Lincoln Park gets all the buzz, but the smaller, lesser-known Lincoln Square deserves some attention too. As a Chicago newbie, I knew nothing of this charming little neighborhood until I took a tour of Lincoln Square with a friend who was a long-time resident.
My kids, Julie, 8, and Johnny, 4, tagged along with my friend and her four sons (7, 6, 4 and 2). We fell in love with the place. It’s in the city, but feels like a small town. There are adorable cafes and restaurants, unique little shops, a world-class music school and plenty of fun parks for kids to run and play.
In the summer, a fountain in the middle of the square comes to life and sometimes kids jump in or at least splash around. And the downtown community hosts festivals throughout the year, bringing out droves of Lincoln Square-ians. I have lived in suburbia my entire life, but Lincoln Square makes me long for city living.
If you decide to check out Lincoln Square (which you totally should!) here are some don’t-miss stops.
Though this is technically a toy shop, kids can’t help but play here. It’s filled with puppets, dolls and trains, plenty of fun games, and a wide assortment of dress-up costumes. And the shop seems to encourage play. On one of the cool marble structures, written on a sign was “Ask for marbles to play.”
At the corner of Lincoln and Montrose avenues is the 15-acre Welles Park. With playgrounds, spray parks, horseshoe pits and sports courts, the park offers something for everyone. While residents frequent the fitness center and gymnasium in the winter, the park really comes to life in the spring and summer when families flock there to picnic, play and enjoy outdoor concerts.
Old Town School of Folk Music
Anyone who knows Lincoln Square knows about the Old Town School of Folk Music. This gem of music and the arts seems to anchor the neighborhood. It was founded in 1957, though it didn’t move to Lincoln Avenue until 1998. Since that time, it has been catering to people of all ages and talents. There are dozens of kids’ classes, ranging from piano, guitar and art to dance, theatre, ukulele and banjo. There are also an assortment of “Wiggleworms” classes, which encourage young kids (babies to 3) to dance, sing and play. Older kids can enjoy classes like story time dance, comic book drawing and musical theatre.
Located in the heart of Lincoln Square, this French café serves pastries and sweets, but also delicious soups, salads and sandwiches. The kids and I stopped at this restaurant on a chilly day and warmed up with some homemade macaroni and cheese, vegetable chili and the moistest and sweetest corn bread we’d ever tasted.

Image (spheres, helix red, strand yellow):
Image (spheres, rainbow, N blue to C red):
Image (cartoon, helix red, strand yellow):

Paciugo Gelato and Cafe
What a perfect location for an ice cream shop—just steps away from the awesome fountain I mentioned earlier. In warm weather, grab a gelato and sit by the fountain. Ever try banana beet sorbet? What about rum raisin or roasted banana cashew heath crunch? Me neither, but Paciugo offers 200-plus flavors, some strange, some simply delish.
Pizza Art Café
This BYOB restaurant is a great stop for salads and pizza. The restaurant is only open for dinner, but it’s still fine for kids. The pizza selection is wide—with dozens of vegetable, cheese and meat topping choices.
I could spend hours in this tiny shop browsing all the unique gifts, books, décor and trinkets. Chicago lovers will love the really cool and different Chicago memorabilia, from maps to distressed-wood picture frames. One of my favorite frames is bright red and says “To the Moon and Back.” Adorable.
And, the store cracks me up. There are usually a handful of things I find hilarious—like a tongue-in-cheek book for kids called How Babies Are Made or Good Night iPad (a parody of the classic children’s book). There are fake mustaches, Abraham Lincoln bandages, bacon air freshener, gingerbread men cookie cutters with different body parts missing and little gifts that you just hope your kids don’t see. Julie found a tin of lip gloss that said “Lip S***” and she asked what that meant. Oops. I still love the store.
The Savory Spice Shop
Julie and Johnny were a little shocked when they scarfed down a bite of ginger, which I’m sure they assumed was candy of some sort. Customers are invited to taste any of the spices in the shop, which can be fun, until kids realize it’s not “real food.” But the spice collection is pretty impressive. We left with a barbecue rub and a blue cheese seasoning the kids really like. The store sells pretty much any spice you might be looking for, and is also a great stop for gifts.
Amy’s Candy Bar
About a half mile from Lincoln Avenue (still walkable with kids in nice weather) is Amy’s Candy Bar—a cute, yet tiny, candy shop. Sweets of many colors and shapes overwhelmed my kids. They didn’t know what to choose! I think they were still in shock that I was actually letting them pick out any candy in the store. Julie chose pink strawberry-flavored gummies and Johnny chose candy-coated marshmallows.
Gene’s Sausage Shop & Delicatessen
The homemade pierogis and specialty meats (venison, bison, rabbit and boar are among the more unusual choices) are worth a stop. The shop is also entertaining to browse with kids. Julie was a bit grossed out by the octopus salad, but intrigued that the store sold ostrich meat.
Kristy MacKaben is a mom of two and frequent contributor at Chicago Parent.
See more of Kristy's stories here.
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